First Time Buyer
Mortgage guarantee scheme helps 30,000 buy a home
The scheme launched in April 2021 and by 30 September 2022 had been used to support 30,398 mortgages, according to the Treasury.
How the mortgage guarantee scheme works
The scheme works by offering lenders the option to buy a guarantee on mortgages for borrowers with lower deposits. This compensates lenders for a portion of net losses if the property has to be repossessed.
The mortgage guarantee scheme was introduced in 2021 to increase the availability of 95% loan-to-value mortgages after they were withdrawn during the pandemic.
It offers lenders the option to buy a guarantee on a mortgage where the borrower has a deposit of only 5%. It compensates lenders for a portion of net losses suffered in the case of repossession.
First-time buyers make up bulk of purchases
First-time buyers made up 85% of the purchases with the total value of loans supported by the scheme coming in at £5.6bn.
Buyers in the South East, North West and Scotland were most likely to have used the guarantee scheme, with those in London and Northern Ireland least likely.
Properties bought far below UK average price
The average property bought through the scheme was worth £194,300 – significantly less than the national average of £294,559.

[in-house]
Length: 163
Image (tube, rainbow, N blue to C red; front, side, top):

The scheme is not available for buy-to-let mortgages or second homes and the property value must be £600,000 or less.
Closure at end of 2023
The scheme was initially due to finish at the end of last year but has now been extended until the end of 2023.
Karen Noye, mortgage expert at Quilter, said: “The 95% mortgage guarantee scheme still remains a relatively unpopular scheme given this economic backdrop. Since the scheme’s launch in September 2022 only just over 30,000 mortgages have completed using the scheme.
“Some of the reasons for this include that some lenders have been reluctant to participate in the scheme, leading to limited options for potential borrowers. As such, borrowers have opted for 95% deals outside of the scheme that might offer more competitive prices.
“The 95% mortgages are also very expensive so many people may try and hold out until they can afford a slightly larger deposit. However, with inflation causing significant strain on finances for those desperate to get on the housing ladder, these types of schemes may end up gaining momentum in the next year.”